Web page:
Cool Intentions: A trivia fundraiser to turn down the heat

Thanks to everyone who made it out to our first ever public fundraiser event. Over 70 people joined us at Young Henry’s to raise money for our next summer of campaigning. We would like to thank our amazing sponsors for this event, Young Henry’s, Funlab, the Belvoir Theatre, Newtown Gym, Hoselink, Double Roasters, Repressed Records and Clayground. We raised over $4,000, double our target for the event!

Thank you to City Hub for the wonderful photos.

If you would like to become a regular supporter of Sweltering Cities, click here.

Locals ask the hard questions of candidates in Lindsay

On Thursday 5 May residents from across Western Sydney gathered in Penrith to ask Lindsay’s federal candidates questions relating to extreme heat, planning, and the environment. Residents shared their concerns for the electorate, which is one of the most heat impacted regions in Sydney, and their ideas for a more sustainable, cooler future. The event was co-hosted by The Australia Institute and Sweltering Cities at the Joan Sutherland in Penrith. 

Woman standing in front of seated people, holding a microphone.
Locals ask questions at Lindsay candidate forum

Three federal candidates were in attendance: Trevor Ross from the Labor Party (left early due to scheduling clash), Pieter-Joris Morssink from The Greens, and Rebekah Ray from the Informed Medical Options Party. United Australia Party candidate Joseph O’Connor was unable to attend but did leave us with a video message to watch where he shared that though he didn’t know much about extreme heat in the area, he did support using solar power. Current MP and Liberal candidate Melissa McIntosh was invited, however, did not attend due to diary clashes. 

Dr Kim Loo, a Western Sydney GP who is on the NSW AMA Council and Chair of Doctors for the Environment NSW, spoke at the event about the health impacts of extreme heat. Dr Loo is the first Doctor in Western Sydney to put extreme heat as a cause of death on a patient’s death certificate.

Dr Kim Loo, wearing scrubs, uses a microphone to speak at an event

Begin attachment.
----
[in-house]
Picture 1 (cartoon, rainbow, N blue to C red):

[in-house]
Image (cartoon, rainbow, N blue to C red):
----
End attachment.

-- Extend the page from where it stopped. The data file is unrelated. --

Dr Kim Loo

Residents raised concerns about the state of the environment in the area, particularly in regards to increasing urban development. One resident asked the candidates about the Waste to Energy incinerators being planned for Western Sydney. Currently, state and federal governments subsidise the energy incineration industry. Residents raised their concerns about this funding and the subsequent pollution that will be caused by the proposed incinerators in Western Sydney. 

People sitting on rows of seats in a large room

Paul, a Western Sydney resident who works outdoors in the Penrith area, asked about protections for  green spaces and native ecosystems in the area, such as riparian systems and native trees. Green spaces are effective in cooling down suburbs, as they provide shade and mitigate urban heat island effects. Similarly, riparian systems reduce water pollution. This concern was shared by other attendees, including a mother whose daughter was concerned about the lack of green space in the area.

Candidates were also asked about their opinions on developments including the Western Sydney Airport and the Nepean Snow and Ski Resort. Pieter-Joris Morssink and Rebekah Ray both supported improvements to building standards and protecting public green spaces, and pointed to their parties’ respective policies on protecting the environment. Rebekah Ray also shared that she supported a curfew for Western Sydney Airport, which would reduce air and sound pollution. Pieter-Joris Morssink emphasised that The Greens planned to fund these changes through taxing fossil fuel companies.

Students, parents and teachers also asked about funding for public schools and better building standards for public classrooms and playgrounds. Ian, a year 12 student from the Blue Mountains, asked about air conditioning for schools in the area. We heard that “students learn best at temperatures between 22 to 24 degrees” and as a result of extreme heat and lack of air conditioning in classrooms students had trouble focusing. Parents were also concerned about extreme heat in playgrounds. Similarly, a local high school teacher raised concerns about the lack of funding for students mental health and wellbeing. Pieter-Joris Morssink, shared that The Greens would support solar power for schools and other public infrastructure. 

A woman uses a microphone to speak at the front of a seated crowd

Overall, the candidates in attendance agreed that extreme heat was an important issue in the electorate and at multiple points we were reminded that in 2020 Penrith was recorded to be the hottest place on earth at 48.9c. Projections by The Australia Institute predict that Western Sydney will experience an average of up to 46 days of extreme heat by 2090. Questions from the event were recorded and will be shared with the major party candidates. Sweltering Cities is proud to advocate for Lindsay’s residents and will continue to work with the community to fight for cooler, equitable and more sustainable cities. 

Read the coverage of the event in the Penrith local paper the Western Weekender below.

Article from Western Weekender on Lindsay candidate forum

2022 Summer Survey Results Released

Read the results here.